Eliezer Wiesel was a deeply observant 13-year-old Jewish boy when Moishe the Beadle came to his town with descriptions of the horrors of the war, where Jewish men, women, and children were buried in graves they had themselves dug. No one in Eliezer’s town of Sighet in Hungary believed this was happening. It only a year later, in 1944, when Hungary was overrun by the Germany army, that the Jews began to worry. As their rights begin to be taken away, the community gets restless. They are even excited when they hear they will be transported out of the city, because that means something will be different for them!
Night by Elie Wiesel (published in French 1958/English 1960, audio recorded by Jeffrey Rosenblatt) is Elie’s poignant and personal reflection on his experience: being forced into a cattle car, entering Auschwitz, working in Buchenwald labor camp, and watching friends and loved ones die even as he lost his own will to live. Although Wiesel’s gorgeous prose is well deserving of the Nobel Prize in Literature, it is his story of shattered faith in God, frustrated dreams as a teenager, and loss of belief in the humanity of his fellow men that really make Night a classic. Did people really do this to other people?
The horrors of the event known as the Holocaust as simply unbelievable. It is nearly impossible for me to comprehend the horrors that one people forced on another, and so reading accounts such as Wiesel’s are all the more important. A common theme in Night was, obviously, the darkening of hope and the darkness that enters Wiesel’s soul, never to leave him. When one experiences what he experiences, life will never be the same. Contrasting with the image of night that is so prevalent in his memoir is the image of fire: children burning, bellies suffering from hunger, and hatred growing in his soul. A young idealistic boy was left behind and what remained was a man without faith in the good of humanity and the love of God.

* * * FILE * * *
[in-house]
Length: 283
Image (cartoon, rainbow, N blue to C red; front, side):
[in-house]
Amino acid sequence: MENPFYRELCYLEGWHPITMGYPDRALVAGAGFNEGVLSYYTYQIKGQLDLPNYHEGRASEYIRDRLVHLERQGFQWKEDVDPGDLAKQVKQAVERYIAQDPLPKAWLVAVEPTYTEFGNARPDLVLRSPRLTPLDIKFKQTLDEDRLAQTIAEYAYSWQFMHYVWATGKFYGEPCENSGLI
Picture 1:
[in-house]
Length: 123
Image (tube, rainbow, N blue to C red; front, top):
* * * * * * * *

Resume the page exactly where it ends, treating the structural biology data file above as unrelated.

I listened to an audio recording of the book, and I think this made Elie Wiesel’s account all the more powerful. Wiesel’s story was less than four hours of narration (120 pages in hard copy) but nothing was missing.
His story is one I hope never to forget. I was in awe of the strength of the human spirit to survive at the same time I was horrified by the evil of others. Although other stories of German concentration camps may be more hopeful about humanity (The Hiding Place by Corrie ten Boom, for example), Night is an important and classic memoir that should be read.
Wiesel originally wrote this memoir in Yiddish, titling it And the World Remained Silent. In his new preface to the edition translated by his wife (2006), he says, ” I don’t know how I survived.” I don’t know either. I will forever be in awe of the power of the human spirit to overcome horrors, and I will remain horrified myself by the fact that humans could do this to each other in the first place.